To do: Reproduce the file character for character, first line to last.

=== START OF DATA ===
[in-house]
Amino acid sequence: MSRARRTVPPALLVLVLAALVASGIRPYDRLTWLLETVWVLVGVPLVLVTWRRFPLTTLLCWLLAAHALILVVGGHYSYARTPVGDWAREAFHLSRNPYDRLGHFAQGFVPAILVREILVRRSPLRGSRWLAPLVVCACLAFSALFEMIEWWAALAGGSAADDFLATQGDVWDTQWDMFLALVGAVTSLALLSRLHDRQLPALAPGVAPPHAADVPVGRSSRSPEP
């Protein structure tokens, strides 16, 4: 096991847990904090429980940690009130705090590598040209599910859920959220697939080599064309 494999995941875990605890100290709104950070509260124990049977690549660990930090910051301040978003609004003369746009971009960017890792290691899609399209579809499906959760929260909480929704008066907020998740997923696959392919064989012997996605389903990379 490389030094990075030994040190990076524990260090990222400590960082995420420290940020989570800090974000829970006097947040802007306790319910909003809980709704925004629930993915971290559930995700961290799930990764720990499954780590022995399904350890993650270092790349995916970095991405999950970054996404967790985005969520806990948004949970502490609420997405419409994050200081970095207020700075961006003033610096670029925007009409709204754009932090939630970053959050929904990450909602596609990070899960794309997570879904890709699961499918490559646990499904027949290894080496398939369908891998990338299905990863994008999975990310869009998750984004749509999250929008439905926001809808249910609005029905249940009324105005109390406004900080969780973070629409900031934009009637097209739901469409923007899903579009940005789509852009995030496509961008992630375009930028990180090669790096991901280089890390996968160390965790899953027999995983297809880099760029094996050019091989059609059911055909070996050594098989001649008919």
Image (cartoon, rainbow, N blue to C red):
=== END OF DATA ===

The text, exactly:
[in-house]
Amino acid sequence: MSRARRTVPPALLVLVLAALVASGIRPYDRLTWLLETVWVLVGVPLVLVTWRRFPLTTLLCWLLAAHALILVVGGHYSYARTPVGDWAREAFHLSRNPYDRLGHFAQGFVPAILVREILVRRSPLRGSRWLAPLVVCACLAFSALFEMIEWWAALAGGSAADDFLATQGDVWDTQWDMFLALVGAVTSLALLSRLHDRQLPALAPGVAPPHAADVPVGRSSRSPEP
């Protein structure tokens, strides 16, 4: 096991847990904090429980940690009130705090590598040209599910859920959220697939080599064309 494999995941875990605890100290709104950070509260124990049977690549660990930090910051301040978003609004003369746009971009960017890792290691899609399209579809499906959760929260909480929704008066907020998740997923696959392919064989012997996605389903990379 490389030094990075030994040190990076524990260090990222400590960082995420420290940020989570800090974000829970006097947040802007306790319910909003809980709704925004629930993915971290559930995700961290799930990764720990499954780590022995399904350890993650270092790349995916970095991405999950970054996404967790985005969520806990948004949970502490609420997405419409994050200081970095207020700075961006003033610096670029925007009409709204754009932090939630970053959050929904990450909602596609990070899960794309997570879904890709699961499918490559646990499904027949290894080496398939369908891998990338299905990863994008999975990310869009998750984004749509999250929008439905926001809808249910609005029905249940009324105005109390406004900080969780973070629409900031934009009637097209739901469409923007899903579009940005789509852009995030496509961008992630375009930028990180090669790096991901280089890390996968160390965790899953027999995983297809880099760029094996050019091989059609059911055909070996050594098989001649008919």
Image (cartoon, rainbow, N blue to C red):